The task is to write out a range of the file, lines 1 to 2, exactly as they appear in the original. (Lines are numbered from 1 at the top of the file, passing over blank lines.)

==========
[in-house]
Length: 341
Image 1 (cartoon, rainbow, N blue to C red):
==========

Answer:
[in-house]
Length: 341